practicing a skill in a variety of different contexts and experiencing the full range of situations in which the technique or tactic might be used in competition. The learner applies the skill to a number of different environments in practice, allowing both the development of the skill and the ability to adapt the skill to a range of possible situations.
Is the mental or cognitive rehearsal of a skill without actual physical movement. n the early stages of learning (cognitive phase) mental rehearsal is initially seen as the learner going through a skill/task and building up a mental picture of the expected performance in their mind (cognitive process)
The whole method of learning is when the activity or skill is presented in total and practised as full/entire skilled movement or activity
A variation on whole or part method is often used with performers in the Cognitive/Associative stages is whole-part-whole practice. The teacher/coach introduces the complete skill, highlighting the important elements. The performer then attempts to carry out the skill. As a result of any problems or faults observed the teacher then breaks the whole skill down into sub-routines in order to allow the learner to practice appropriate areas of difficulty.
Skills which are very complex but low in organisation lend themselves to being practised and learned more effectively by the parts method. An additional consideration is again how interrelated or independent the sub-routines are. Activities such as freestyle are not too complex but low in organisation lend themselves to being taught by the part method.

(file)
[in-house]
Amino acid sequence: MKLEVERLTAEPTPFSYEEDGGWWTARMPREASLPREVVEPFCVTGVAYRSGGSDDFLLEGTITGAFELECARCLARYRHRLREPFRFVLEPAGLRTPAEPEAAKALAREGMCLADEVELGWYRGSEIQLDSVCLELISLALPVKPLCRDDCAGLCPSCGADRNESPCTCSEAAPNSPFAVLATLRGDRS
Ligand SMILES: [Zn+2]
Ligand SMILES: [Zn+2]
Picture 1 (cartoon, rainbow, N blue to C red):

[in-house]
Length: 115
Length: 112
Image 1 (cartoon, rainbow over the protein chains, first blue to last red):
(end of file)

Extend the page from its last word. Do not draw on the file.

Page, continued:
The progressive part method is where earlier independent actions change their form to become something totally different. A learner taught complex skills by the progressive part method benefits from the positive aspects of both part and whole methods. A gymnast coach trying to develop a gymnast's routine would often follow the progressive part method
This is the authoritarian style. Within this approach there is little consideration given to the individual with all learners treated very much in the same way. This style is thought to inhibit cognitive learning as thinking and questioning are not encouraged by the teacher. It is useful when working with beginners, large groups and in dangerous and limited time situations where safety is paramount.
Although what is taught is still determined by the teacher, it allows learners to take slightly more responsibility and become more involved in the decision making process. The sessions are structured in order that the objectives are clearly stated to the learners.
problem solving presentation
The problem solving approach encourages students to be creative and develop their individual cognitive and performance processes.
Operates in the short-term sensory store (STSS). Blocks out irrelevant information, allows focus on relevant information. Can be improved through learning from past experiences.